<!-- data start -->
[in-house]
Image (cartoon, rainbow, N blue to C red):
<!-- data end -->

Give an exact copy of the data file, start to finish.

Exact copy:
[in-house]
Image (cartoon, rainbow, N blue to C red):